US offshore safety - job # 1

US oil and gas operations in the Gulf of Mexico occur in one of the world's largest exploration and production basins and involve nearly 4,000 production facilities, over 15,000 wells, 175 drilling rigs, and as many as 25,000 workers offshore at any given time.

Jan 1st, 2001

US oil and gas operations in the Gulf of Mexico occur in one of the world's largest exploration and production basins and involve nearly 4,000 production facilities, over 15,000 wells, 175 drilling rigs, and as many as 25,000 workers offshore at any given time. The region produces over one-half billion bbl of oil annually and nearly 6 tcf of natural gas, which constitute about one-fourth of domestically produced petroleum supply.

These statistics are no more impressive than the outstanding safety record the US offshore industry has achieved, while operating in a challenging environment with a diverse operator base. The industry has achieved this record by meeting some of the world's most rigorous and comprehensive safety standards. By virtue of their effectiveness, they have become de facto standards for offshore oil and gas operations around the world.

The record demonstrates that the US offshore oil and gas industry is operating safely. According to government statistics, our offshore industry, despite the challenging environment and complex equipment involved, is safer than many other industries and among the safest among all US oil and gas industry sectors.

According to 1998 Bureau of Labor Statistics (BLS) figures and Minerals Management Service (MMS) survey data, the recordable injury and illness rate was 6.7% for the entire US private sector (6.7 injuries or illnesses/year/100 full-time workers), 4.4% for the petroleum industry as a whole, 4.1% for all exploration and production, and only 3.4% for US offshore operations.

Further, in 1999 the offshore rate decreased to 2.3%. Additionally, MMS survey data show that recordable injury and illness rates for all offshore categories - production, drilling, construction - also have been in decline. Together, these BLS and MMS statistics demonstrate that the processes and procedures employed by the operators and contractors who work in the US Gulf are effective in protecting employees and the environment.

Offshore safety and anti-pollution standards and recommended practices have played a key role in enhancing safety performance, environmental protection, and asset protection. These API and industry standards cover the design, installation, and/or implementation of various safety systems and procedures for offshore production and drilling facilities. Both the MMS and the US Coast Guard have incorporated many of these standards in their regulations, as have various non-U.S. government agencies.

In 1993, API issued RP75, "Recommended Practice for Develop-ment of a Safety and Environmental Management Program (SEMP) for Outer Continental Shelf Operations and Facilities." This recommended practice is a fit-for-purpose tool for integrating safety management into a variety of offshore operations. As the first comprehensive safety and environmental management standard of its kind in the world, RP75 reflects the contributions of many industry offshore safety and operational experts with hundreds of years of experience in the oil and gas industry; government agencies, such as MMS and the Coast Guard; and industry trade groups, including API, the Offshore Operators Committee, the National Ocean Industries Association, the Independent Petroleum Association of America, and the International Association of Drilling Contractors.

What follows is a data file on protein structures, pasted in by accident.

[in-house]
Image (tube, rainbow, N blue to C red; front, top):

The program was created to cover activities, procedures, and operating hardware. It was designed to be flexible and responsive and to be a permanent part of a company's culture, objectives, and operations. Many offshore operators and contractors, including all API oil company members, have created safety and environmental management programs that follow the recommendations in RP75.

A SEMP program starts with an assessment of operating and design requirements and a hazards analysis. It requires establishment of safe operating procedures, work practices, management-of-change procedures, and associated training. It calls for procedures that ensure that the design, fabrication, installation, testing, inspection, monitoring, and maintenance of equipment meet safe (minimum) standards. In addition, it recommends periodic auditing of safety programs - and requires emergency response and incident investigation to help mitigate harm and prevent future mistakes.

Government oversight and regulation have also contributed to the industry's safety performance. Operators must obtain numerous federal permits and comply with many sets of federal and state regulations to operate on the federal OCS, including the Gulf of Mexico. Agencies that regulate offshore companies include MMS and the US Coast Guard, along with other federal, state, and local government entities. The industry has closely cooperated with government regulators to ensure that their rules are implemented in a way that encourages improved safety performance.

For the US offshore oil and gas industry, safety is a top priority and one of its proudest achievements. It has developed safety programs and standards that are second to none and that have helped achieve a safety record envied by many other industries. And yet, just as the US industry will certainly set more records for deepwater drilling and production, it will also continue to improve its safety performance, raising the bar for all offshore operators around the world.

P. K. (Peter) Velez
Chairman,
API Executive Committee on Drilling and Production Operations Manager,
Regulatory Affairs and Incident Commander,
Shell Exploration and Production Co.

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